Encouraging advances in personalized medicine have demonstrated that grave diseases are as distinct in character as the individuals they afflict. Our current genomic age provides exceptional opportunities to identify genetic changes that are responsible for diseases, and to foster an understanding of how such changes cause disease. In the clinical arena, it is now possible to use genetic information to diagnose and treat patients. The heart of current healthcare innovation, diagnostics are involved in more than 60 percent of clinical decisions, and the industry employs nearly 4 million people across the globe. Diagnostics are essential to personalized medicine-the practice of directing drugs and treatments to those for whom they will be most effective, and an individual's clinical, genomic, and environmental information is used to more precisely select medication and dosage for each patient. The field promises several opportunities to improve therapeutic care and reduce costs of treatment, including risk assessment, early detection, and definitive diagnosis and treatment. (1)
Arizona State University and Dublin City University, Dublin, Ireland recently announced an exciting cooperative initiative, in partnership with Ventana Medical Systems, Inc., to form the new International School of Biomedical Diagnostics. The innovative school-which will offer the first degree program of its kind-is at the vanguard of establishing diagnostics as an independent discipline.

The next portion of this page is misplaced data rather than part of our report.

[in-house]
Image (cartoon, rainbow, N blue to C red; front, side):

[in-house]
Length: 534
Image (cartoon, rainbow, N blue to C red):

The schools are natural partners, as they are young institutions committed to serving the needs of their respective communities and countries through an entrepreneurial approach to higher education. Their complementary expertise will be applied to focus areas of research. The partnership has been a while growing. Researchers from Arizona State University and Dublin City University have been working together in areas of shared interest for seven years, and the new school exemplifies the intention of both universities to create a more structured arrangement. In early 2014, the universities also announced the "Transatlantic Higher Education Partnership," which detailed plans to offer joint programs on student entrepreneurship, developing age-friendly universities and setting up a healthcare research initiative called BioDesign Europe. (2)
The new school's United States and European locations are both well-rooted diagnostic research hubs. In the United States, Arizona is a growing academic and industrial hub for diagnostics, home to large American diagnostics research laboratories and non-profit organizations, as well as pioneering diagnostic corporations such as Ventana Medical Systems. Arizona State University is a leader in the field with its Virginia G. Piper Center for Personalized Diagnostics and the newly established National Biomarker Development Alliance. In Ireland, Dublin City University hosts the Biomedical Diagnostics Institute, an elite integrative research institute focused on the development of continuous point-of-care biomedical diagnostic devices. The new program will help create a skilled workforce in Arizona and Ireland that can fill a growing industry need. Since diagnostics influences every facet of health care, including pharmaceutical and technology development, patient management, health care finance and healthcare policy, graduates from this groundbreaking program will be better prepared to transform healthcare. (3)